Dr. Cedric Garland shares how a woman will know if her vitamin D blood level is placing her at an increased risk for colorectal cancer.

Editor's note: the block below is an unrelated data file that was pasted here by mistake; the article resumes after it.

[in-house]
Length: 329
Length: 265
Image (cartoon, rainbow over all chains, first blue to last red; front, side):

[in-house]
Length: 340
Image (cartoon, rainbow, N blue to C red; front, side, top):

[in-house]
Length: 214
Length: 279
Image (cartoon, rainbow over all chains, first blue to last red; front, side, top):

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How does a woman know if her vitamin D blood level is placing her at an increased risk for colorectal cancer? The best way is to do a test of the vitamin D in the blood, and that can be done in conjunction with the doctor or a dietician. A few drops of blood are put on a little platter that’s sent to a laboratory, and the laboratory returns a number, the 25-hydroxyvitamin D level. That varies in most people from anywhere from zero to 50 nanograms per milliliter, and if it’s at the low end, then the person works with the doctor or this dietician and comes up with a plan to increase the vitamin D level. And it may be from food, may be from supplements, may be from a little more exposure to the sun. Sun won’t work for that if the person has a photosensitivity disease, and these are usually rare diseases. One of them is xeroderma, pigmentosum, or is taking a medicine that causes photosensitivity such as tetracycline. But otherwise usually it’s a mixture of things: a little bit of sun, little bit of vitamin D from food, little bit from supplements, and then a retesting of the blood to see if the vitamin D level has climbed to a safe level.